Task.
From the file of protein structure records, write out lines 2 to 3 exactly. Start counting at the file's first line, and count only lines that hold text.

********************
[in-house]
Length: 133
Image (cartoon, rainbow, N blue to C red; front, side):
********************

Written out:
Length: 133
Image (cartoon, rainbow, N blue to C red; front, side):